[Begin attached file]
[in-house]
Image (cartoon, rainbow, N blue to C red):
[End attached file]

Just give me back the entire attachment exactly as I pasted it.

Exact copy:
[in-house]
Image (cartoon, rainbow, N blue to C red):